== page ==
Plenty of jobs have been replaced or have the possibility to be replaced by advances in tech. Between the self-checkout at the grocery store and the emergence of self-driving cars, we’re seeing the extent to which technology can do some jobs more efficiently than humans. Now that AI can actually create art that passes for human-made art, artists and graphic designers are concerned about their careers.
AI art is far cheaper to make than paying a trained artist. Especially for smaller projects, companies might begin cutting corners, using software like Stable Diffusion instead of paying an artist. This could leave entry-level artists out of work and unable to gain the experience they need to progress in their careers. Some marketing and advertising agencies are already trying to figure out how to leverage AI art to create compelling graphics for their clients.
Beyond entry-level opportunities, professional artists are also concerned about how AI could impact their careers. Notably, someone recently won the Colorado State Art Fair’s competition in the “emerging digital artists” category with a piece of artwork that was created using AI art generator Midjourney. Unsurprisingly, many artists were outraged at this news and worried that human artists may eventually become obsolete. What was once a craft that took years to master is becoming something that can be done with the push of a button. Their fears may not be unfounded, either. Recently, a national art exhibit opened in the Faroe Islands showcasing only artwork created with AI.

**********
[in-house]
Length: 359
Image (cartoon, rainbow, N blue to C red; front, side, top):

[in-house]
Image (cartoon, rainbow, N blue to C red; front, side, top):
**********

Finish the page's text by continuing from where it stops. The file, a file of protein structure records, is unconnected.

There are some artists, however, that feel this new technology could be useful. If AI art could expedite their creative process, they’d be able to create more art pieces in a shorter amount of time. Even the artist who won a competition using Midjourney took 80 hours to get the piece just right, proving that there is currently still a need for human creativity, even when working with AI software.
Executives at some emerging AI companies have spoken out with regards to this idea that creative AI will take all jobs from humans. Several don’t believe that AI could ever fully take the place of human creation, just make processes easier and remove some of the tedium from creators’ jobs. Only time will tell how advanced AI will get and if creativity is an innately human skill. Even if AI doesn’t take roles away from creative humans, however, the world of AI-generated art remains nebulous when it comes to legality and morality of using an artist’s work to generate new artwork.